Inflation is a spectre that continues to haunt Brazil despite it being benign by historical standards in recent years. Since coming down from 12.53% in 2002 (according to figures from the Instituto Brasileiro de Geografia e Estatística) to 3.14% in 2006, it has remained within the fairly tight range proscribed by the central bank of 4% plus or minus two percentage points. In 2010, Bradesco expects inflation for the year of 5.3%. What happens next is in some dispute – and of critical importance given Rousseff’s pledge to reduce interest rates.

"When people ask if the world economy can slow Brazil, I reply I hope so. The current benign stagnation in the global economy slows and mitigates inflationary pressures in the Brazilian economy. A rapid recovery of the global economy could cause Brazil to overheat"

Octavio de Barros, chief economist at Bradesco

Bradesco contends that inflation will converge with the target and average around 4.8% in 2011 and 4.5% in 2012. "The major risk is that of a rapid global recovery," says Octavio de Barros, chief economist at Bradesco. "When people ask if the world economy can slow Brazil, I reply I hope so. The current benign stagnation in the global economy slows and mitigates inflationary pressures in the Brazilian economy. A rapid recovery of the global economy could cause Brazil to overheat."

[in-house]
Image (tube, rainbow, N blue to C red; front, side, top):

According to de Barros, companies’ perception of industrial competition is helping to constrain inflationary pressure. "A Bradesco survey indicates that 25% of respondents report growing competition in their market – both from new internal competitors and from imports – and that competitive pressure is holding inflation down," he says. "We believe it will allow the Selic rate [Banco Central do Brasil’s overnight lending rate] to be maintained at the current level of 10.75%."

Markets, however, take a less optimistic view of inflation. "Our forecast and the market’s, expressed through interest rate futures, is of inflation of 5.5% this year and next year," says Itaú Unibanco’s Goldfajn. "It is correct that increases in commodity and food prices were being cancelled out by the appreciation of the real, given Brazil’s position as a commodity exporter, but not anymore. The risk is that higher inflation expectations domestically become embedded. Moreover, there is the simple fact that domestic demand is growing at 7-8% while supply is growing only 4-5% – the gap is being filled by an increasing current account deficit, which is also inflationary."